Understand and regulate your daily exposure to man-made electromagnetic radiation.
The international literature on cell phones shows they are linked to brain tumors, brain damage, cognitive dysfunction, sperm count drops, testicular cancer, uveal cancer, parotid gland tumors, cell micronucleation of the mouth and tinnitus, and that being in proximity to a wireless transmitter regularly is a problem, especially for children whose brains, eyes, testes, other organs and immune systems are more susceptible to the effects of microwave radiation than adults’.
So how to relate cell phones to cell towers and Wi-Fi transmitters? Obviously holding a cell phone to the ear is usually the most intense exposure people receive at a given time, although sitting next to a Wi-Fi transmitter on a train there will expose you to the same radiation as talking on a cell phone.
Working at a Wi-Fi enabled laptop can expose a person to 2 to 4 times as much radiation as a cell tower 328 feet away.
8 hours of working at a Wi-Fi enabled laptop in a classroom with 20 computers hooked up to a wireless network gives the student approximately the same amount of radiation they would get from talking on a cell phone for a half hour. This means that over the course of a school a year, a student could get the equivalent exposure of 40-50 hours talking on a cell phone. (Talking on a cell phone regularly before age 20 increases brain tumor risk 420% and 680% if the phone is used on the same side of the head.)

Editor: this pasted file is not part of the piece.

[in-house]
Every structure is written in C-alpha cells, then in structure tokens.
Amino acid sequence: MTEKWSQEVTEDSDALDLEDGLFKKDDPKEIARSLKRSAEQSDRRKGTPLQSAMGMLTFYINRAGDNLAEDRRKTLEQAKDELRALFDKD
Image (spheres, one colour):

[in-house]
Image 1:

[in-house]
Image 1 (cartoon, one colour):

A 2009 study in Switzerland showed that on average people in cities in that country are getting more radiation moving in and out of areas with transmitters than they do from their cell phones. If one accepts that radiation from a cell phone is problematic, it follows that higher cumulative exposures from cell transmitters would be more problematic.
The U.S. government has not commissioned any studies on cell transmitters but the majority of studies (done internationally) show problems within 1,500 feet including elevated cancer rates, and sleep, cardiovascular and neuromuscular problems.
Prior to the rollout of cell towers, both the literature on microwave radiation and epidemiological studies of broadcast towers and radar towers linked proximity to wireless infrastructure with disease. Also, in 1993, the California Public Utilities Commission (CPUC) explicitly recommended that cell towers not go on or near schools and hospitals.
In 2004, the International Association of Firefighters passed a resolution recommending the infrastructure not go on the premises of firehouses after documenting irregular brain scans in member firefighters who worked near cell towers.